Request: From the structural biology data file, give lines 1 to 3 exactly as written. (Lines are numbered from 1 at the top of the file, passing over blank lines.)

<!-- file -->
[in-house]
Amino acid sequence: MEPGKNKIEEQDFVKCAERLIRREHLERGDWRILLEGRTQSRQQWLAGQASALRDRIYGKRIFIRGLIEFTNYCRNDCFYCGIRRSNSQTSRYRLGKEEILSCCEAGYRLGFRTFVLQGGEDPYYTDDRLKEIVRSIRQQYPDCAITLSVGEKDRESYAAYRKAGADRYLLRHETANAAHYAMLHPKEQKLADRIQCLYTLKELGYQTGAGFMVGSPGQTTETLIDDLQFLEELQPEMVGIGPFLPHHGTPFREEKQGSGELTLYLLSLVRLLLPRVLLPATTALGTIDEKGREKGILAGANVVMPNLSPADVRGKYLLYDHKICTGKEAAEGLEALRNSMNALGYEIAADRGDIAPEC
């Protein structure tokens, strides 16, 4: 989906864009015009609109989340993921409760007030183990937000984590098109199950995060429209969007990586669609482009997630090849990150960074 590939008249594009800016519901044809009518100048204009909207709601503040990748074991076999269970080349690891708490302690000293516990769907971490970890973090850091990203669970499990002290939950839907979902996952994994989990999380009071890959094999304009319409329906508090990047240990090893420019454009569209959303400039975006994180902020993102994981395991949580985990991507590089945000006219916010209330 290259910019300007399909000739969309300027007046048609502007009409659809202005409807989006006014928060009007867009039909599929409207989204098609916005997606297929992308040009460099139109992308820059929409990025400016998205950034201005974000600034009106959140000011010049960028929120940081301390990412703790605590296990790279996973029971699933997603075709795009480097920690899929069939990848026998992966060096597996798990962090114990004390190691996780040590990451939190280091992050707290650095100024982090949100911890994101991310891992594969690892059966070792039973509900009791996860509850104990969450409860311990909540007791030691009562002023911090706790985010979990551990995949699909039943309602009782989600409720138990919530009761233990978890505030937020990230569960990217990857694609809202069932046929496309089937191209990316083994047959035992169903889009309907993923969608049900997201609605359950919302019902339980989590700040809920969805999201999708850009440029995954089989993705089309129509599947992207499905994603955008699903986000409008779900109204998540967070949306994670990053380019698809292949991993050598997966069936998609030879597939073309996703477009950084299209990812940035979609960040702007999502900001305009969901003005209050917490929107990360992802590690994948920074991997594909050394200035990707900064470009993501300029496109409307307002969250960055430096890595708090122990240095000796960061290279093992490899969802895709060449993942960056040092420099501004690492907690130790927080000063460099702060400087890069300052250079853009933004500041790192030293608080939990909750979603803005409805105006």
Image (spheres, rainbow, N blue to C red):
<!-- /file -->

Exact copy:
[in-house]
Amino acid sequence: MEPGKNKIEEQDFVKCAERLIRREHLERGDWRILLEGRTQSRQQWLAGQASALRDRIYGKRIFIRGLIEFTNYCRNDCFYCGIRRSNSQTSRYRLGKEEILSCCEAGYRLGFRTFVLQGGEDPYYTDDRLKEIVRSIRQQYPDCAITLSVGEKDRESYAAYRKAGADRYLLRHETANAAHYAMLHPKEQKLADRIQCLYTLKELGYQTGAGFMVGSPGQTTETLIDDLQFLEELQPEMVGIGPFLPHHGTPFREEKQGSGELTLYLLSLVRLLLPRVLLPATTALGTIDEKGREKGILAGANVVMPNLSPADVRGKYLLYDHKICTGKEAAEGLEALRNSMNALGYEIAADRGDIAPEC
């Protein structure tokens, strides 16, 4: 989906864009015009609109989340993921409760007030183990937000984590098109199950995060429209969007990586669609482009997630090849990150960074 590939008249594009800016519901044809009518100048204009909207709601503040990748074991076999269970080349690891708490302690000293516990769907971490970890973090850091990203669970499990002290939950839907979902996952994994989990999380009071890959094999304009319409329906508090990047240990090893420019454009569209959303400039975006994180902020993102994981395991949580985990991507590089945000006219916010209330 290259910019300007399909000739969309300027007046048609502007009409659809202005409807989006006014928060009007867009039909599929409207989204098609916005997606297929992308040009460099139109992308820059929409990025400016998205950034201005974000600034009106959140000011010049960028929120940081301390990412703790605590296990790279996973029971699933997603075709795009480097920690899929069939990848026998992966060096597996798990962090114990004390190691996780040590990451939190280091992050707290650095100024982090949100911890994101991310891992594969690892059966070792039973509900009791996860509850104990969450409860311990909540007791030691009562002023911090706790985010979990551990995949699909039943309602009782989600409720138990919530009761233990978890505030937020990230569960990217990857694609809202069932046929496309089937191209990316083994047959035992169903889009309907993923969608049900997201609605359950919302019902339980989590700040809920969805999201999708850009440029995954089989993705089309129509599947992207499905994603955008699903986000409008779900109204998540967070949306994670990053380019698809292949991993050598997966069936998609030879597939073309996703477009950084299209990812940035979609960040702007999502900001305009969901003005209050917490929107990360992802590690994948920074991997594909050394200035990707900064470009993501300029496109409307307002969250960055430096890595708090122990240095000796960061290279093992490899969802895709060449993942960056040092420099501004690492907690130790927080000063460099702060400087890069300052250079853009933004500041790192030293608080939990909750979603803005409805105006």